The Wi-Fi Alliance has just unveiled WPA3, its new encryption protocol. This is a major improvement for Wi-Fi networks.
In October 2017, security researcher Mathy Vanhoef unveiled the Krack attack, wiping out security for all Wi-Fi terminals protected by the WPA2 encryption protocol.
Less than a year later, the Wi-Fi Alliance is proposing a successor, WPA3, which has just been finalized. It embeds a whole new set of features supposed to make the Wi-Fi completely inviolable.
First of all, WPA3 gets rid of the old trading protocol – also called “4-way hand shake” – which is the weak link in WPA2.
This is where the vulnerabilities of the Krack attack are. It is also thanks to him that hackers can carry out brute force or dictionary attacks on the passwords of a Wi-Fi network.
Based on a protocol called “Simultaneous Authentication of Equals”, the negotiation phase of WPA3 will now be immune to these problems. Even if the password chosen by the user is weak, hackers will no longer be able to attempt their brute force or dictionary attacks.
This technology also brings a persistent secrecy (“forward secrecy”). Even if an attacker is able to find the Wi-Fi network password by some other means, he or she will not be able to decrypt past communications. Better protection in public places.
The other big news is about public Wi-Fi networks. Until now, they were fully open or accessible through a password known to all. In both cases, it is not very complicated for a hacker to decrypt local user flows (which is why it is advisable to use a VPN).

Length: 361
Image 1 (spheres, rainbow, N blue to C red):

WPA3 terminates this vulnerability with the “Enhanced Open” connection mode. It relies on the “Opportunistic Wireless Encryption” protocol to establish an encrypted connection between the user and the access point.
Security is provided by the Diffie-Hellman algorithm, which is used to define the encryption key.
Finally, WPA3 simplifies the connection for the connected devices that do not necessarily have a screen for easy parameterization.
With the “Easy Connect” feature, it will be sufficient to scan a QR code on the device to be connected. The Wi-Fi router will then automatically send the credentials securely.
Obviously, to benefit from all these new features, it will take a little longer for all the different manufacturers to implement it.
The first compatible products should arrive by the end of 2018. To benefit from this, it will obviously be necessary for routers and devices that connect to it to be WPA3 certified.
In theory existing devices could receive an update allowing them to manage WPA3, but the procedure will undoubtedly be complex and binding for the manufacturers. It is therefore unlikely that we see many devices already out to benefit.